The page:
About 120KM North-East of Mombasa, Malindi is one of the most popular holiday destinations on the Kenyan coast. Not only does it enjoy the gorgeous sunny weather and clear blue skies that the entire region offers but it is also riddled with some of the whitest sandy beaches you ever saw. From marine national parks to forests and ruins of ancient civilizations, there is more to do in Malindi than just sunbathe and drink refreshing cocktails by the poolside. Here are ten budget-friendly family activities in Malindi.
Enjoyable Family Activities in Malindi
1. Visit Malindi and Watamu Marine National Park
Malindi Marine National Park is the oldest marine park in Kenya. Not only will you and your family get a chance to do a little scuba diving in the shallows, but you will get to go on a tour of the surrounding ocean and all the life it has to offer. If you are lucky, you could even see whale sharks and mako but for the most part, the park is riddled with green sea turtles, a host of colourful fish of different species and fields of Thalassia seagrass.
One of the best ways to get a glimpse of the coral reef and its vibrant eco-system to take a glass-bottom boat ride out into the ocean. A single trip will last for about two hours and cost you anywhere between $250 – $350 (2,500 to 3,500 Ksh).
2. Go Game Fishing
Kenya has a host of amazing fishing spots that offer you both tranquillity and a chance to catch different types of fish. Malindi’s Driftwood Club offers you an opportunity to carry out some game fishing (mostly for sailfish) on the all-encompassing Indian Ocean.
3. Watch Birds of Prey at Falconry Kenya
Falconry Kenya is the perfect place to spend an afternoon with the entire family. Here you will get a chance to come close to magnificent birds of prey such as:
If you have the heart for it, you can even carry these huge aerial hunters on your gloved hand. Falconry Kenya doesn’t only showcase birds of prey. In addition to these high-fliers, you will get to see crocodiles, snakes, monkeys and an array of other bird species.
3. Go Scuba Diving and Snorkeling
The aqua blue waters of the Indian Ocean bordering Malindi has coral reefs which bring with them a kaleidoscope of marine life. One of the best ways to view this life is to go scuba diving and snorkelling. There are a host of professional establishments that will help you do that both safely and satisfactorily:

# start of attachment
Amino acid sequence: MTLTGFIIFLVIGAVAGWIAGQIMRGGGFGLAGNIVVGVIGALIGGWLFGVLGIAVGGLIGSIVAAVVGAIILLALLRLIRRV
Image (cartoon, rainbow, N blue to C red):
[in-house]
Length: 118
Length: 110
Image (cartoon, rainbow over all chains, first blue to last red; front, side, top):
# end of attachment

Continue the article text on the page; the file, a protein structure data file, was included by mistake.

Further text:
- Aqua Ventures.
- Turtle Bay Dive Center.
- Ocean Sports.
4. While the Day Away at Vasco da Gama Pillar
Legend has it that the Vasco da Gama Pillar was built in 1498 by the famous Portuguese explorer. The pillar was meant to help him and other sailors get to India which lies to the East of Malindi. Managed by the National Museums of Kenya, the Vasco da Gama Pillar is not only an ancient relic worth a few snaps of your camera but the grounds around the iconic monument are perfect for just chilling and taking in the cool sea breeze as well as some of the most amazing views of the expansive Indian Ocean. You can also enjoy a bit of fishing if you are up for it.
5. Take the Little Ones to Malindi Museum
The waterfront buildings which houses the Malindi Museum has three stories of nothing but historical treasure. Located just a few meters from the Malindi Jetty, this is the place you come when you want to learn about the Mijikenda communities that inhabit a huge section of the Kenyan coast. Not only will you learn about their ancient traditions, ways of life and deities but you will also get to see other forms of underwater archaeology and a collection of the strangest wooden burial totems known as “Vigango”.
6. Go Through Marafa Hell’s Kitchen
There are hardly any daytime tours through Marafa Hell’s Kitchen because of the sweltering temperatures that can drive one mad. However, if you are okay with roughing it a little, a visit to this ever-expanding canyon made out of sandstone will transport you to an alien world that was once the site of many Giriama rituals. The canyon is not only picturesque and something straight out of a James Cameron film but it is also one of the most grandiose natural landforms apart for the Rift Valley.
7. Get Lost in the Gedi Ruins
Who wouldn’t want to explore a lost city? There are very few places in Kenya that inspire awe and conjure up mysterious conspiracy theories like the Gedi Ruins in Malindi. No one really knows the real story about these ruins except that it was once the centre of a highly skilful community (at least as far as their construction skills are concerned). Within the ruins today, you will find a palace, several coral-brick houses and one of the most impressive mosques this side of the Sahara.
Thought to date back to the 13th century, the Gedi Ruins amazes even the most astute of archaeologists. What baffles many people is how such an ancient community had such an advanced city. Not only do the ruins speak to a highly organised city planning system but there is evidence that they had running water, well-maintained streets and even flushing toilets.
Among the many mysterious and “out of place” findings by archaeologists include:
- Ming Chinese vases.
- Venetian glass.
In addition to a host of artefacts from different corners of the world. This has lead archaeologists to believe that the community that inhabited the Gedi Ruins interacted with people from across the globe which means that they were far ahead of the surrounding communities of the coast. Hidden by a thick forest, no one knows why the city was abandoned and where the civilization went.
Of course, you also get to lounge at the beach, enjoy the wonderful coastal delicacies including some of the best seafood the country has to offer.
Do you have a favourite activity when you visit Malindi? Share that with us in the comment section below.